The director general of Médecins du Monde explains how they use this tool to obtain donors, as it is the quickest and most effective way, as they have extensive experience in this and know how to benefit from this practice.
The humanitarian aid sector has become more professionalised, and many companies are now dedicated to it, which is a new activity that is booming, the so-called humanitarian tourism. This type of tourism allows people to volunteer in a developing country for a high amount of money. Contrary to this doctrine of the commodification of humanisation, in Cambodia, awareness-raising campaigns are being carried out in which children are displayed in showcases while tourists take photos of them (with the slogan "children are not tourist attractions", in order to denounce companies involved in humanitarian tourism). It is important to add that humanitarian tourism organisations use slogans typical of an amusement park and play on the precarious situation of children.
On the other hand, there are also child protection NGOs behind these companies, which consider that children have become a tourist destination, and think that donors have good intentions, but that sometimes this is not enough to eradicate this barbaric measure.
Orphaned children come from areas at risk of social exclusion and remote areas, and many of them are not orphans as they make themselves known, they are separated from their families and sent to tourist areas due to the precarious situation they live in their homes and the money they receive for lending them helps them to alleviate this situation.
Why are substandard houses called shelters being built? The UN estimates to have built around 3000 temporary shelters, years have passed and they are still investing in this when in reality it does not benefit the population at all, the big organisations do not have a vision of development but of patches wrapped in capitalism. A UN worker confesses that they have such a colossal budget that it is practically impossible for them to spend it, giving the example of people who work 24 hours to be able to spend part of the big budget, but if this budget is so big, why do those affected by the catastrophe in Haiti still not have stable housing and an improvement in society after so many years of the catastrophe?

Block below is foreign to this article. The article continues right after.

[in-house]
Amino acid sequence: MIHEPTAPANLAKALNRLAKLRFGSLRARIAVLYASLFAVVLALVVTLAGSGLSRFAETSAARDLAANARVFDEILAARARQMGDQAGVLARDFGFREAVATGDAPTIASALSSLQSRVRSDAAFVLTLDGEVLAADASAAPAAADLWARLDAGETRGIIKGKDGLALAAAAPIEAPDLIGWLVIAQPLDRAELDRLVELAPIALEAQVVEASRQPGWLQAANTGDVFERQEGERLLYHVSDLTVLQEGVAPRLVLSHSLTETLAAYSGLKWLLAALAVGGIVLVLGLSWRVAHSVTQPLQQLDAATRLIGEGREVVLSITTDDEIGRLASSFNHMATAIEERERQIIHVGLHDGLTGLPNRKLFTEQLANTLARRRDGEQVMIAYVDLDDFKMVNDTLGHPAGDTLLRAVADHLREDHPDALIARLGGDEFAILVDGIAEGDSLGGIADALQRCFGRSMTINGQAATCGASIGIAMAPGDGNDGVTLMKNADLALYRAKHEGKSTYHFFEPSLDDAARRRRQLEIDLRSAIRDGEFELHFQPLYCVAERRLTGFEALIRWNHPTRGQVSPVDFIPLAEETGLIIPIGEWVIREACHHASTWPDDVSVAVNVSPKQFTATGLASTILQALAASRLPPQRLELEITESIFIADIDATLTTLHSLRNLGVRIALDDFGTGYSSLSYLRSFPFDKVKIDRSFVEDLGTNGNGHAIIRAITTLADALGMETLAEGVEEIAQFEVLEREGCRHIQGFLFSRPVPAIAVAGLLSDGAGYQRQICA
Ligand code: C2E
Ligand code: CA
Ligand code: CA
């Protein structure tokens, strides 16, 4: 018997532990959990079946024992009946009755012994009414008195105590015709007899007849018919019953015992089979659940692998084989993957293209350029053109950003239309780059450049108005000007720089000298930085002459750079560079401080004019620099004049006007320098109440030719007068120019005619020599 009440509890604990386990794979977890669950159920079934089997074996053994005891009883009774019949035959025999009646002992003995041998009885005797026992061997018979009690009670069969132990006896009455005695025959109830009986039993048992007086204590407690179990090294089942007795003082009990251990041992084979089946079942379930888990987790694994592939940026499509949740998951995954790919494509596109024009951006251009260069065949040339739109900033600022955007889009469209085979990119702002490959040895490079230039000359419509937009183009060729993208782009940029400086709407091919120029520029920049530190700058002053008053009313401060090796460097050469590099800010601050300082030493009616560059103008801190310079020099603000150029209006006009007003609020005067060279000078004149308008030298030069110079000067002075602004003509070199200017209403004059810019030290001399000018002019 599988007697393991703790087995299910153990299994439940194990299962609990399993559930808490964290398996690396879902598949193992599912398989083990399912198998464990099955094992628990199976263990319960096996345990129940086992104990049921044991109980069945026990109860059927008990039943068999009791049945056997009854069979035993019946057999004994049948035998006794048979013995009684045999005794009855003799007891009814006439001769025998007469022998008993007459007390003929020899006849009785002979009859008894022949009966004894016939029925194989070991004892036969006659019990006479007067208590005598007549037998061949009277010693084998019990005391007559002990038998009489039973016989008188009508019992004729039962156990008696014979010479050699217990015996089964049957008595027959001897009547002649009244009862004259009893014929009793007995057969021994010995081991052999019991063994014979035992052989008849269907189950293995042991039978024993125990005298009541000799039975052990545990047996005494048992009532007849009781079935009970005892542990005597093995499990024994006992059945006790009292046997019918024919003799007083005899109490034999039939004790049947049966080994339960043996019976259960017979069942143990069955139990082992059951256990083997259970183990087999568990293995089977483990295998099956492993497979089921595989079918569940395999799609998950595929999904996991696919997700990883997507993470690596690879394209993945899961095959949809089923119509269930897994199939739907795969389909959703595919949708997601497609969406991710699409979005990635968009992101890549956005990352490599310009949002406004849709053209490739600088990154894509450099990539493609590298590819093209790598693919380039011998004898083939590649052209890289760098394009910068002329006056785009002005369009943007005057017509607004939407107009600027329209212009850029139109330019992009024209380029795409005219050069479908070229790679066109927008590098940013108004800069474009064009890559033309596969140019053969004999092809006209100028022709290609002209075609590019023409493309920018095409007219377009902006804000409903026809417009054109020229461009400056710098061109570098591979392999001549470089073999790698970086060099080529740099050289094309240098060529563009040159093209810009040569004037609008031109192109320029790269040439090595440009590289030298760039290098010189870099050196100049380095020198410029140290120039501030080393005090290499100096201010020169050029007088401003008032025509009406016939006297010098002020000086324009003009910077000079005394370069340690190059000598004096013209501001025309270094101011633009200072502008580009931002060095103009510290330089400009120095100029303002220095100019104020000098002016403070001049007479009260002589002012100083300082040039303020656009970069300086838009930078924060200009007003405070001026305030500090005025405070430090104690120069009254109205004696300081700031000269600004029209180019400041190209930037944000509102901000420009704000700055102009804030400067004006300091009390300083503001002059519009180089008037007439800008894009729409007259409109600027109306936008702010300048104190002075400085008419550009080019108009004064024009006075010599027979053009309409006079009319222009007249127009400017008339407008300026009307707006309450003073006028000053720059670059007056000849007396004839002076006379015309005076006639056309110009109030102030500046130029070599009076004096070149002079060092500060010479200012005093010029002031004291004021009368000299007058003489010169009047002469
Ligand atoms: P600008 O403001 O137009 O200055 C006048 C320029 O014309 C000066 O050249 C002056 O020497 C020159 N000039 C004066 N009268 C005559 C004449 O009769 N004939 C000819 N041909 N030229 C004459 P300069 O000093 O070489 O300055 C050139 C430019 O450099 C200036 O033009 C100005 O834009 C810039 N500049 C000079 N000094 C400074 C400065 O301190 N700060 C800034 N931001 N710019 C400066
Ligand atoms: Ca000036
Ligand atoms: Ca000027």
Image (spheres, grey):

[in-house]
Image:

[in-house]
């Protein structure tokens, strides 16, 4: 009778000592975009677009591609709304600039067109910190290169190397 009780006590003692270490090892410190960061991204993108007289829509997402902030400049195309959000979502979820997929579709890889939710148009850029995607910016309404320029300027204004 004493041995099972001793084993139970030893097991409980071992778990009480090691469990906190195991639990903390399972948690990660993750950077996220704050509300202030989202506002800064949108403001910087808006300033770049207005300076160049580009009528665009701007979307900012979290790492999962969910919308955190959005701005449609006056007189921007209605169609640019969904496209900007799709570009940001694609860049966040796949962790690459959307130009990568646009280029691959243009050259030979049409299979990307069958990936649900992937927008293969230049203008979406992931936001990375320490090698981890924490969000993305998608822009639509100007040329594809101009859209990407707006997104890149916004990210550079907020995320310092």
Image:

International cooperation does not really help the development of countries. Emergency works are very profitable, and there are companies that are even specialising in it, because when they are needed, both the state and the organisations turn to these private companies.
When the earthquake in Haiti happened, some people saw the opportunity to make a profit, because of the foreign aid they were going to receive, catastrophes can be big business for those who take advantage of it.
In Haiti there are hundreds of NGOs, but they act in a disorganised way, without attending to the needs of the population, doing incoherent actions. They use people in need as a means to activate their business. In 2014 there were still between 270 and 1000 organisations, while society continues to live in poverty and in dire situations.
The abuse of these NGOs and their lack of control on Haitian territory is immense. One such example is an American organisation, Grace International, founded by a Haitian evangelical pastor. This pastor asked people to help improve Haiti, he wanted to bring material and spiritual aid to those most in need. This NGO earns about 2,400,000,000 euros. The NGO in Haiti has numerous buildings, as well as the second largest refugee camp in Port-au-Prince with 17,000 people. On its website it shows these refugees as happy and content, but the reality of this camp, which is quite hidden behind walls, wire and gate surveillance, is that the refugees were forced to pay a fee of about 4 euros as rent, if this payment is not made they are thrown out of the camp and their homes are destroyed, even beating and blackmailing these people in exchange for sex. The leader of the camp, the son of the NGO's founding pastor, denies all these claims and accusations against them. The image of the camp is of refugees living in abject poverty, far from what they claim on their website. This NGO has managed to make a business out of the human need of the refugees.
Due to all these events on the island, there has been discontent with the NGOs. Western countries have allocated millions of euros for these underprivileged people, of which it seems that practically nothing has reached them, as poverty and human need are still present on the island. Despite all this, NGOs are indispensable in disaster relief and management all over the world, saving hundreds of thousands of lives, the question is whether they should look at long-term development, thus achieving their effectiveness on the ground, but also giving credibility to their work and thus giving hope to the caring people who want to continue to donate and help all these people in human need.
All this shows that NGOs operate in a capitalist social system where solidarity and humanity are played with (which often serves to cleanse the conscience of the individual and that is why many popular figures invest in them) and, although they play a fundamental role, this does nothing more, on most occasions, than produce and reproduce precarious situations. This makes the work of social workers and their working environment diffuse and unconnected with the real purpose that they are supposed to have, which is to propose structural changes, with the help of social policies, in order to eradicate, even if only in a small part, these impoverished situations.